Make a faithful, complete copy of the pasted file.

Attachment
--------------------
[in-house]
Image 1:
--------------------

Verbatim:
[in-house]
Image 1: